Preferred Means of Hostility Expression Among Missionaries: An Exploratory Study

Volume
Volume 11
Issue
Fall 1983
Title
Preferred Means of Hostility Expression Among Missionaries: An Exploratory Study
Abstract

The effects of the stresses in a missionary'€™s environment were examined in terms of their responses to a measure of hostility and an index of stress. The Buss-Durkee Inventory (BD; Buss & Durkee, 1957) was used to measure hostility among 34 missionaries, 15 of whom were currently on the mission field and 19 of whom were home on furlough. The groups were compared with the norms on the BD for hostility scores and preferred means of hostility expression. Hostility expression was divided into seven different measures: Assault, indirect hostility, irritability, negativism, resentment, suspicion, and verbal hostility. Scores for indirect hostility and negativism did not differ significantly from the norms. On five of these measures the missionary groups scored significantly lower than the norms. Comparisons were also made between the two missionary groups for each hostility measure. No significant differences were found between missionaries on the field and those on furlough, except on the measure of indirect hostility where male missionaries on the field scored higher than those on furlough. The inverse was true for females. Perception of stress increased as the number of years on the field increased.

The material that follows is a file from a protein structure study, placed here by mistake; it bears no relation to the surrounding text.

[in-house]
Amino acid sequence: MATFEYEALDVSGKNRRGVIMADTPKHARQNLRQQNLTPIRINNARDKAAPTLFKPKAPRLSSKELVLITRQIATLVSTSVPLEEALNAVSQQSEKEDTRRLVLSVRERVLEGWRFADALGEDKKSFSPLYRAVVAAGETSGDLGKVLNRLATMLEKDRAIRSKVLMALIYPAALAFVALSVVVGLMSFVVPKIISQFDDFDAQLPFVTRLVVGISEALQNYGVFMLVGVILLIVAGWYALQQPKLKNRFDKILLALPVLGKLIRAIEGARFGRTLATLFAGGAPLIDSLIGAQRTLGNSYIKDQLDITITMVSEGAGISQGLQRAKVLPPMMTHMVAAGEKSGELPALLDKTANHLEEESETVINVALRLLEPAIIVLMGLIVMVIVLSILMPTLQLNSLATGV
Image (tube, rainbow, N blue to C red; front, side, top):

Authors
B.C. Taylor and Dr. H.N. Malony
Pages
218 - 225
Price
Add to Cart $5.00